2010 Grand Challenge Summit Meeting, 22 September 2010
Over one hundred and fifty delegates, including industrialists from the defence, consultancy, finance, engineering and public-service sectors, policy-makers and academic researchers attended the Grand Challenge Summit meeting held in Cambridge on 22 September 2010 with the aim of reviewing global trends in research, policy and practice in services. Professor Duncan McFarlane of Cambridge University opened the Summit with an overview of the challenges facing today’s service providers. He spoke of the increasing societal pressures on organisations creating such issues as mounting cost reductions, space constraints, resource limitations and emission regulation, all of which are leading to new contract and delivery complexities for organisations.
Following Professor McFarlane’s prologue on the challenges facing service provision three plenary speakers presented on the global trend of servitization from varying perspectives. Professor Andy Neely, University of Cambridge, briefed the summit on his latest research into the servitization of manufacturing and innovation in business models. He tackled the questions of who is servitizing and in which countries?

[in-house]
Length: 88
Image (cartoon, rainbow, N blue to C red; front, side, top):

Peter Fielder, Managing Director of Performance Excellence at BAE Systems, and Jon Granger, General Business Manager of Global Business Services for IBM’s north-eastern European region, spoke about international business developments in services and their organisations' experiences of the service transformation journey. In doing so both Peter and Jon spoke of the need to integrate offerings for more effective customer solutions, particularly given today’s access to, and volume of, data and information; but similarly both heeded the need for organisations to possess the skills, competencies, systems and processes to support these solutions effectively.
With the plenary discussion cases opened on the Summit floor, debate centred around the education of the customer in servitization, the need for knowledge and research in business model and management innovation, how organisations deal with the dichotomy of standardisation vs personalisation of service offerings, and the importance this change in business models places on delivering the brand promise over delivering the product specification.